Adding spice to the Pie of life

American Pie 2

Directed by J.B. Rogers

(Jason Biggs, Shannon Elizabeth, Eugene Levy, Seann William Scott)

Rated: R


A reunion. A new adventure. One more crazy night to end the summer.

There is something appropriate about American Pie 2‘s “first summer after college.” In many ways, it parallels the story of American Pie‘s greatest fans. When the first installment hit theaters, many were finishing high school, ready to leave home. Now, that same audience returns after two years on their own, ready to catch up with the old gang.

As with any sequel, the opening catches up with the original’s characters, playing off on tributes to the first. Just as the reminiscing begins to wear thin, the new plan is unveiled: A summer at a beach house – same good friends, same good times.

And, as a major factor of American Pie 2‘s success, the same old gang is all here. Led by Jim (Jason Biggs), Oz (Chris Klein), Kevin (Thomas Ian Nicholas), Finch (Eddie Kaye Thomas) and Stifler (Seann William Scott), the stage is set for another round of mayhem.

American Pie 2 does not rely on a complex story, but on these characters that have become part of Generation Y’s culture. Each unique character returns to hold the foundation. Jim’s dad (Eugene Levy) captures some of the film’s most genuine laughs – a perfect balance between the dad anyone would love to have and the dad that elicits rolled eyes. Scott’s Stifler is the embodiment of the stereotypical college male. For better or worse, Scott, and many in this film, will never escape these roles.

While American Pie 2‘s gags are set around sequences such as a lesbian encounter, awkward phone sex, a glue incident and a trip to the infamous band camp, its humor is not generated by these incidents themselves, but tailored to how these familiar and endearing characters react to these situations. The group delivers the same potent chemistry that has had audiences waiting since the first.

The soundtrack, featuring practically every pop-rock station’s lineup for the next six months, is beautifully self-aware. Roger Ebert once wrote that “popular music is a soundtrack for everyone’s autobiography.” In choosing such music, American Pie 2 knowingly links this movie to a time in one’s life. Just as American Pie was the summer after high school, filled with Dave Matthews, Blink 182 and Sugar Ray, American Pie 2 will be remembered as a college movie about those care-free days when the “real world” was only a blip on the horizon. In time, fans will not only remember the characters, but where they were at this time in their lives and, appropriately, will hear this music not as soundtrack padding, but as a link to that lost time.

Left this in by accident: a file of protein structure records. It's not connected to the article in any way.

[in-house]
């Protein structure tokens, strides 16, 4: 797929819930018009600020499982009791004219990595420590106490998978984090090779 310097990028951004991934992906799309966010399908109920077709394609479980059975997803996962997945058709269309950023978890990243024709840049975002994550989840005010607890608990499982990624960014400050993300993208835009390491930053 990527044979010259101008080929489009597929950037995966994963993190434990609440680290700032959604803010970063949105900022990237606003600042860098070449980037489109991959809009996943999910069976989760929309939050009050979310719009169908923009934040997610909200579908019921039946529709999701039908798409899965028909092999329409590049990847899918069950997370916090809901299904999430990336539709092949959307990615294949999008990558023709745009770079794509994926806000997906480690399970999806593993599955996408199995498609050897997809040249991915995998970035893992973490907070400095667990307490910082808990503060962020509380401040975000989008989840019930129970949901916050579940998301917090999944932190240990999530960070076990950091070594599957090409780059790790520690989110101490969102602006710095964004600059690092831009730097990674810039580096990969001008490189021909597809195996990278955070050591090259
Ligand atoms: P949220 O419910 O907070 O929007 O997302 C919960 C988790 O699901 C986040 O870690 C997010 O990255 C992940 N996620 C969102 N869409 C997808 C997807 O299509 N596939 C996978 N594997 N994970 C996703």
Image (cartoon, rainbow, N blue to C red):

For these reasons, it is almost appropriate that director J.B. Rogers infuses a bit of emotional development near the story’s conclusion. These boys and girls, whom audiences have come to love, finally grow up. Through the craziness, they find that some dreams aren’t all that’s promised. Just as Kevin’s older brother wisely advises, “You’ll start to see the whole picture.”

American Pie 2 is indeed a beautiful picture of summer craziness, good friends, sexual mishaps and, ultimately, knowing when it’s time to move on.

– Steven Snyder


American Pie 2 opens today in theatres nationwide.